The US Environmental Protection Agency (EPA) announced the Port of Los Angeles as winner of the 2005 Clean Air
Excellence Awards in the clean air technology category. The Port of Los Angeles was recognized for its Alternative Maritime Power (AMP) program, the world’s first air quality program that focuses on reducing emissions from container ships while docked in port.
‘We are ecstatic to receive this honor from the US EPA,’ said Geraldine Knatz, Ph.D., Executive Director of the Port of Los Angeles. ‘The Port of Los Angeles prides itself in being a forerunner in maritime clean air programs, and the AMP program is an ideal model to showcase innovative ways to rid the air of diesel emissions.’
Since the AMP program’s inception in June 2004, the Port of Los Angeles has received more than 50 vessel calls, eliminating more than 80 tons of pollutants from the air, with an average reduction of 95% in NOx, SOx, and PM10 per vessel call.
Instead of burning diesel fuel, AMP-equipped ships plug in to shore-supplied electrical power while at berth in the Port. This technology is referred to as ‘cold ironing’ in the maritime industry and has already been used for naval vessels, Baltic ferries and cruise ships operating in Alaska. The Port of Los Angeles is the first seaport in the world to use this technology for in-service container ships. The Port supports the program by installing the required AMP infrastructure and providing customer incentives to ensure the continued success of the program.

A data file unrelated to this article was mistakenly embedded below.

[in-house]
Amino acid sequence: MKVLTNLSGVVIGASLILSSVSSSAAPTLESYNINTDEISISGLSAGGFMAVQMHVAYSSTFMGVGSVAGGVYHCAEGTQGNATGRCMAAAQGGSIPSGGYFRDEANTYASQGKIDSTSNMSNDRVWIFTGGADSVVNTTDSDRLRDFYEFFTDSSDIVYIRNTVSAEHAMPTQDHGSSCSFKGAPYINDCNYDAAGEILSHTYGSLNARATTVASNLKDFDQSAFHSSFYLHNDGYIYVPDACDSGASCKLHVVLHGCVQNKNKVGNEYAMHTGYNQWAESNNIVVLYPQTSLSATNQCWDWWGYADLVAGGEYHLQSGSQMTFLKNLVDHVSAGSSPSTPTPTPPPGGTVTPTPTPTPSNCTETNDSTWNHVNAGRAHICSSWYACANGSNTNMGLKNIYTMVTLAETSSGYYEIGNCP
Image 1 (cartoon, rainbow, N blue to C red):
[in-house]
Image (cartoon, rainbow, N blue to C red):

Selected from more than 100 projects submitted to the EPA, the Port’s AMP program was selected for its impact, innovation and replicability.
The Clean Air Excellence Awards are sponsored by the EPA’s Office of Air and Radiation. Criteria for award-winning entries are programs, projects, or technologies that directly or indirectly (i.e., by encouraging actions) reduce emissions of criteria pollutants or hazardous/toxic air pollutants; are innovative and unique; provide a model for others to follow; and result in continuing, sustainable positive outcomes.
The five submission categories are clean air technology; community development/redevelopment; education/outreach; regulatory/policy innovations; and transportation efficiency innovations.